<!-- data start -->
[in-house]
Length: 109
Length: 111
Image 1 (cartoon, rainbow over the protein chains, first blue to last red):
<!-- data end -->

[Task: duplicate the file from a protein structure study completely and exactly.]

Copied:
[in-house]
Length: 109
Length: 111
Image 1 (cartoon, rainbow over the protein chains, first blue to last red):